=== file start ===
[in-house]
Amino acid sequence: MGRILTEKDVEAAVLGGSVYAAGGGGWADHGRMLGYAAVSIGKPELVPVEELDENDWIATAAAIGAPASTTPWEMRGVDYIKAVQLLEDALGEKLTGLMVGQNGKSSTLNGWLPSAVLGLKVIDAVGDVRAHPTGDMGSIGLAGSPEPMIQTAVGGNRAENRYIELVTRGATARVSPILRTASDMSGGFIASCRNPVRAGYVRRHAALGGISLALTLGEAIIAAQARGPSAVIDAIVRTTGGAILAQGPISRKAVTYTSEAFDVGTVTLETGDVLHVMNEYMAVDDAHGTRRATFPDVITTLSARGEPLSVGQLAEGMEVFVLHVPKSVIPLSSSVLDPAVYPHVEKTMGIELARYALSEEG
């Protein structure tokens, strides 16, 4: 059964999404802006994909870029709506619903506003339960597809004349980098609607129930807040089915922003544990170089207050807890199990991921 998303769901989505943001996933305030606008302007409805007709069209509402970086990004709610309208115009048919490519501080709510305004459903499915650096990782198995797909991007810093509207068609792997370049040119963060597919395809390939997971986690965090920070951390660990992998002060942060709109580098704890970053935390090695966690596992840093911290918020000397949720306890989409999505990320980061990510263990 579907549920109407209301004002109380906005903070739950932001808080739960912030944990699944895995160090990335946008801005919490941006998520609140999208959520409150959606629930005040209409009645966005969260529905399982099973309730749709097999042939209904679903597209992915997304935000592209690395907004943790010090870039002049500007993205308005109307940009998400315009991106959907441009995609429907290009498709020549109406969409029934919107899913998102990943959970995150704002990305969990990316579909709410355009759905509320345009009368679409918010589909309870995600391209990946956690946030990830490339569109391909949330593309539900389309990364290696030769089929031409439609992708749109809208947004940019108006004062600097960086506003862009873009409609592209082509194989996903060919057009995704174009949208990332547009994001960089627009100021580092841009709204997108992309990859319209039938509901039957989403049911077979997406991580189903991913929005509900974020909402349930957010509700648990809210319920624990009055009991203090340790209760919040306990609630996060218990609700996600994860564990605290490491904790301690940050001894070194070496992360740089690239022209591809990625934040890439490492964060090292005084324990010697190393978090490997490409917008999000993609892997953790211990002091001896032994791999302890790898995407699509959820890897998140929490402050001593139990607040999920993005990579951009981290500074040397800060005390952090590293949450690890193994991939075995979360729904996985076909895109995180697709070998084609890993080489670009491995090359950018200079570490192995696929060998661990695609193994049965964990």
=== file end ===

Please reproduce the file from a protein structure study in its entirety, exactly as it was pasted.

[in-house]
Amino acid sequence: MGRILTEKDVEAAVLGGSVYAAGGGGWADHGRMLGYAAVSIGKPELVPVEELDENDWIATAAAIGAPASTTPWEMRGVDYIKAVQLLEDALGEKLTGLMVGQNGKSSTLNGWLPSAVLGLKVIDAVGDVRAHPTGDMGSIGLAGSPEPMIQTAVGGNRAENRYIELVTRGATARVSPILRTASDMSGGFIASCRNPVRAGYVRRHAALGGISLALTLGEAIIAAQARGPSAVIDAIVRTTGGAILAQGPISRKAVTYTSEAFDVGTVTLETGDVLHVMNEYMAVDDAHGTRRATFPDVITTLSARGEPLSVGQLAEGMEVFVLHVPKSVIPLSSSVLDPAVYPHVEKTMGIELARYALSEEG
């Protein structure tokens, strides 16, 4: 059964999404802006994909870029709506619903506003339960597809004349980098609607129930807040089915922003544990170089207050807890199990991921 998303769901989505943001996933305030606008302007409805007709069209509402970086990004709610309208115009048919490519501080709510305004459903499915650096990782198995797909991007810093509207068609792997370049040119963060597919395809390939997971986690965090920070951390660990992998002060942060709109580098704890970053935390090695966690596992840093911290918020000397949720306890989409999505990320980061990510263990 579907549920109407209301004002109380906005903070739950932001808080739960912030944990699944895995160090990335946008801005919490941006998520609140999208959520409150959606629930005040209409009645966005969260529905399982099973309730749709097999042939209904679903597209992915997304935000592209690395907004943790010090870039002049500007993205308005109307940009998400315009991106959907441009995609429907290009498709020549109406969409029934919107899913998102990943959970995150704002990305969990990316579909709410355009759905509320345009009368679409918010589909309870995600391209990946956690946030990830490339569109391909949330593309539900389309990364290696030769089929031409439609992708749109809208947004940019108006004062600097960086506003862009873009409609592209082509194989996903060919057009995704174009949208990332547009994001960089627009100021580092841009709204997108992309990859319209039938509901039957989403049911077979997406991580189903991913929005509900974020909402349930957010509700648990809210319920624990009055009991203090340790209760919040306990609630996060218990609700996600994860564990605290490491904790301690940050001894070194070496992360740089690239022209591809990625934040890439490492964060090292005084324990010697190393978090490997490409917008999000993609892997953790211990002091001896032994791999302890790898995407699509959820890897998140929490402050001593139990607040999920993005990579951009981290500074040397800060005390952090590293949450690890193994991939075995979360729904996985076909895109995180697709070998084609890993080489670009491995090359950018200079570490192995696929060998661990695609193994049965964990």